Through chairing a discussion at the UCL Engineering Exchange symposium on Community Research Partnerships, I made contact with Just Space, a network of community activist groups concerned with planning and social justice. I met with the organiser and we took a trip around the Barking Riverside development and the Gascoigne Estate in Barking and Dagenham. I hope to build on this to contribute to the urban planning and development masters module running this term, and to work in the field on image making with students carrying out projects with community groups on planning issues (this work might also involve interviewing and sound recording, and possible exhibition of work in the community). I also agreed to help with the training of student photographers for UCL Students’ Union volunteering section, and to go out with them on their initial visits to document the work on student volunteers in the community. At the London Prosperity Board meeting I made contact with the research and community engagement organiser at the Bromley-by-Bow Medical Centre with a view to working with their citizen scientists on collection of data and photography, and maybe to document the work they are doing in the community. I also made contact with the coordinator of community groups in Newham and with the Business in the Community initiative. A serendipitous meeting with a friend and former colleague, now Professor of Future Heritage at UCL, generated another set of possibilities, particularly around the integration of arts-based research approaches with science and social science approaches, and the development of more speculative approaches to research (a post on this later, too). And it generated a challenge: to photograph that which doesn’t yet (but might come to) exist. An interesting side project.
I was fortunate to be able to arrange to meet and talk to two photographers whose work is very different from my own, giving me the opportunity to learn from their experience and think through how I might extend and enhance my practice. In particular, my work to date has mostly focused on places and structures, in which human activity is evident, but without any people in the photographs. My proposed final major project is going to require portraits and other images featuring people, so I want to learn as much as I can from other photographers. The conversations with Hugh and David have also been helpful in understanding the ‘business’ (or, rather, ‘businesses’) of photography, and to give me insight in both the production, distribution and use of photographic images.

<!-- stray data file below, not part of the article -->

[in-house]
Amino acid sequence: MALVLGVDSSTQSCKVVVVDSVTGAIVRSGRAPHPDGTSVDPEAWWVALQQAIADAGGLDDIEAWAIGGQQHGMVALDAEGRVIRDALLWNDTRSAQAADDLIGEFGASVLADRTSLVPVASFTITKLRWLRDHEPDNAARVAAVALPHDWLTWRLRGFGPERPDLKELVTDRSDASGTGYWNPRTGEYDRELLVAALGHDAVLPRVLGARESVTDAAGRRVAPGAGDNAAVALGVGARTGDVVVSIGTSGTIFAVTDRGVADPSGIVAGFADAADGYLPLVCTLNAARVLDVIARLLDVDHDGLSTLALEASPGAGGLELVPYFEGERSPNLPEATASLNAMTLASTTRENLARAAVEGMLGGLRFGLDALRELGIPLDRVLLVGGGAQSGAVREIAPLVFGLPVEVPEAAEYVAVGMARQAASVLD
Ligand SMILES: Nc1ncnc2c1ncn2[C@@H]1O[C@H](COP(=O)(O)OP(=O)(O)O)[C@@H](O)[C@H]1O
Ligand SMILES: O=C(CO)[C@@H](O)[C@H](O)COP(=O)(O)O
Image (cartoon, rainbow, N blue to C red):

Hugh Kinsella Cunningham, 2017, Safi Nadege Lukambo, 21, Fight Like a Girl
His current work explores political resistance and the catholic church in DRC. These are colour photographs taken in natural light (early morning, never in the middle of the day, avoiding the complications of lighting rigs). As a photo-journalist, there is an emphasis on presentation of a strong narrative through his images. These stories have to be sold to editors, and the viewer has to be drawn into the images. They also have to be true to Hugh’s strong commitment to the people he is photographing and concern for the conditions in which they live. Whilst the settings he is exploring are familiar to me (having worked on education projects in east and southern Africa), the commercial context of photo-journalism is new to me. His advice on producing and presenting images in this highly competitive world was very valuable and challenging. Images have to be sufficiently strong, with a compelling story, to command the attention of viewers, most of whom don’t care particularly about the issues being addressed. Taking time to understand the context and build trust and familiarity is important. Turning up, being around, being seen and engaging. Taking control of the situation is vital, asking people to try different poses, looking at the camera, looking away from the camera, at different angles, in different settings – working the scene. Take 100 shots per session, don’t be embarrassed to shoot, or to organise the setting. In presenting the work he emphasised the need for quality and consistency in look and feel (do a course in photo retouching, if using film use a lab for processing, scanning and printing). Don’t undersell the work (present in a competitive gallery setting). He gave a number of people to follow up, including work by Nicola Muirhead on Trellick Tower in Notting Hill.
Nicola Muirhead, 2017, In Brutal Presence, Trellick Tower, Sue 33 years resident, 18th Floor.
Hugh’s advice: “Just be respectful and confident and it will fall into place”. I’m certainly up for giving it a go, and think I now have some interesting contexts to explore (see following post about this). To learn to make engaging portraits like these is going to be a real stretch. We’ll stay in contact, and Hugh has offered to look at an edit when I have something worthwhile to show, which will be really valuable. I’m not ever going to be a photo-journalist, but engaging with the hard edge to this work will certainly sharpen and help define my own work.
David Wright is a social documentary photographer who trained at the London College of Printing in the 1970s, but whose career took him away from the visual arts and into education. He continued to make photographs and has recently revisited some of his earlier work (for instance, studies of coal mining in South Wales, and photographs taken around Brick Lane in London). His photographs of life in rural west coast Ireland span 30 years.